I didn't get a Father's day card last year. I was fairly pragmatic. After all, its just a made up day and mostly geared to selling cards, gifts and generally sustaining our consumerist economy. If you're not hung over, bloated or broke after a big day then it can't have been that good, can it? I'm not heartless though. It did hurt a little. It must have, because I can remember how I felt. But piling misery on misery really doesn't have any beneficial effects so it's not good to dwell on these things.
I got one this year and it feels worse. They say absence makes the heart grow fonder, which is true if you're on a promise. But when nearness is painful, distance is a mercy. When you're separated from your family by distance you can count the miles but when you're separated by regret the counting never stops. I'm on my own with a lovely Father's Day card in the window. It says "Thank you for everything." So I did something right but it feels like cold comfort. My own father used to endorse the line, "It's better to have loved and lost than to never to have loved at all." How is that? It's a hell of a lot more painful. They say things are better 'felt than telt'. Failure can be a foundation for success but whereas a lost football match is a learning experience, a failed marriage is a disaster.
Merriam-Webster defines dissonance as 'a clashing or unresolved musical interval or chord.' When you convince yourself that love was worth it but your heart screams, "No," that's cognitive dissonance. I don't feel like a father and I don't want convincing that I should - that would not resolve the dissonance. Everyone has a picture of how life should look and when the picture on the wall is different to the one in your head you invariably want to change the picture on the wall. You can pretend they are the same or close your eyes and ignore the reality but at some point you have to negotiate.
I've been arguing with a guy concerning consequences. It's common for Christians to believe that they simply have to ask God's forgiveness and he makes everything right. But nothing could be further from the truth. Cause and effect is a fundamental principle and (fatalism aside) if you separate the two, the universe ceases to make sense. Put your bare finger in the fire and it will be burnt. If we deny reality we are likely to make poor decisions. However, it's as much a mistake to take the painting at face value, as it is to refuse to believe it exists. Neither should you dismiss your dreams just because reality won't budge.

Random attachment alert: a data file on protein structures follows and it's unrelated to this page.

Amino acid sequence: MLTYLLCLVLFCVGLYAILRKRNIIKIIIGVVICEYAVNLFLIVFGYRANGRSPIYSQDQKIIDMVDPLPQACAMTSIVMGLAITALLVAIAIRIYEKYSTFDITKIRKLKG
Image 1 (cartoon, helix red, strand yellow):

It's becoming apparent to me that my focus should be on that painting that causes me so much distress in that I must either concur with reality or at least come to some arrangement. You don't negotiate a rock by insisting that it shouldn't be there. Neither do you allow it to dictate your actions. Your options will depend on the tools at hand, the size of the rock and your knowledge of what lies beyond and you must consider all three. That card in the window challenges my mind's eye. I have something physical in front of me so what will be my response? To think, "What if?" or to first receive the message in the spirit in which it was given, then negotiate that rock.